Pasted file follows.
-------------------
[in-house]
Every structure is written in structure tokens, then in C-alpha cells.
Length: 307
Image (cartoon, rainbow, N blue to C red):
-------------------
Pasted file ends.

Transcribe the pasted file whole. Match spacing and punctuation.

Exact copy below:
[in-house]
Every structure is written in structure tokens, then in C-alpha cells.
Length: 307
Image (cartoon, rainbow, N blue to C red):